Verdict: 3 / 5
Local Natives debut album Gorilla Manor, released in 2009 set the hype train in motion for many in the indie music scene, and set a great stage for fans who hoped to see what the California-based band could produce next. What they eventually gave us just over three years later was an album with greater lyrical intensity; but music that hadn’t especially evolved in any further direction.
Hummingbird feels like a very genuine album. This is in the sense that the emotions described within its various tracks feel honest and believable; although somewhat over-angsty at times.
Nevertheless, the band feels fully committed to sharing themselves entirely with the audience, rather than leave any secrets at the door; and that kind of openness can be a breath of fresh air in its own way. However; despite the fact that the tracks range in emotional tone from depressed to upbeat; none of them feel especially dramatic. What I mean by this is that if the album is played in the background, it can often feel as though one track just sort of lists lazily into the next; none of the tracks are distinct in such a way that you go “Oh boy; it’s this one now; and that one next!”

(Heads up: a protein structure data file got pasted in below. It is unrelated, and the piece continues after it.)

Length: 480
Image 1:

Hummingbird would have an appeal to fans of this style of music; and is not a bad album by any means. However; it does carry the feeling of often being generically “indie” in design; and does not offer much to make it a memorable album to re-listen too years from now.